This work included estimates of evapotranspiration, which is a key water use in vegetated landscapes. DSE contracted consultants to provide the tools and guidance to make evapotranspiration estimates, and they are now made annually using Victorian Land Use Information System land use data. However, water use estimates are only reported at a whole-of-basin scale, and they are not broken down by land use category or land use change. DELWP is now working to report water use by basin and land use category in future
Victorian Water Accounts.

Partly or not yet achieved

NA

5.2

Reviewing models and recommending methods for improving estimates of whole-of-catchment water use

This action contributed to the methods for estimating whole-of-catchment water use through a review of the models for estimating evapotranspiration. New methods for estimating evapotranspiration were emerging around the time the WRSWS was developed. In 2012, the National Water Commission completed its Accounting for all significant water uses project. The project compared and evaluated methods for estimating evapotranspiration. Findings from the project were used as part of the framework for improving estimates of evapotranspiration (see comments for action 5.1).

Achieved and completed

Achieved: March 2012

5.3

Amend the Water Act 1989 so that intensive management areas can be declared to control water-intensive land use changes in these areas

Action linked to: WfV 8.4 Better record and report on emerging significant uses of water. This action focused on amending the Water Act 1989 to enable the Minister for Water to declare and manage an area according to the process explained in the WRSWS. To better manage the impact of land use change on water resources, the WRSWS proposed a process to declare intensive management areas, based on the intensity of water stress, the significance of water-dependent values and the potential for land use changes to affect these values. Intensive management areas would have specific rules and management actions to ensure the integrity of high-value water systems are maintained. Amendments to the Act to declare intensive management areas were proposed in the Water Bill 2014, but the Bill did not
proceed through parliament.
WfV action 8.4 recognised the importance of water-intensive land use changes and proposes an approach to gain better information about the impacts of changes in land use on water resources. This work will inform the review of the WRSWS about the risks to water resources and whether action is required to mitigate them.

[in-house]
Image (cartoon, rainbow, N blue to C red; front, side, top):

Being progressed through Water for Victoria or the Murray-Darling Basin Plan

NA

5.4

Guidelines for rapidly assessing new forestry development proposals

Action linked to: WfV 8.4 Better record and report on emerging significant uses of water. This action was for DELWP to develop guidelines to ensure applications for new forestry developments in a declared area could be assessed readily. Amendments to the Act to declare intensive management areas (explained above in action 5.3) did not occur, so the guidelines have not yet been developed. WfV action 8.4 maintains understanding the impacts of land use changes on water resources as a priority.

Being progressed through Water for Victoria or the Murray-Darling Basin Plan

NA

5.5

Considering cumulative impacts of land use in decisions about water use

Action linked to: WfV 8.4 Better record and report on emerging significant uses of water. This action was to gain an improved understanding about the impact of land use changes on water quantity and quality, to make more informed decisions about water use. The WRSWS recognised that land use changes from forestry and changing agricultural practices could make less water available and reduce water quality. Amendments to the Act to declare intensive management areas (explained above in action 5.3) did not occur, so this action has not progressed as planned. Action 8.4 of WfV maintains the emphasis on considering land use impacts on water availability by better
recording and reporting on significant uses of water in the Victorian Water Accounts.

Being progressed through Water for Victoria or the Murray-Darling Basin Plan

NA

5.6

Appointing regional committees to assess intensive management areas

Action linked to: WfV 8.4 Better record and report on emerging significant uses of water. This action was for the Minister for Water to appoint regional committees to assess intensive management areas. The WRSWS identifies areas that could be declared as intensive management areas — areas where managing the impacts of land use changes on water availability could be a high priority — and the action was to appoint regional committees to consider if these areas should be declared. Amendments to the Act to declare intensive management areas (explained above in action 5.3) did not occur, so this action has not progressed as planned.
WfV action 8.4 maintains the emphasis on considering land use impacts on water availability by better recording and reporting on significant uses of water in the Victorian Water Accounts.

Being progressed through Water for Victoria or the Murray-Darling Basin Plan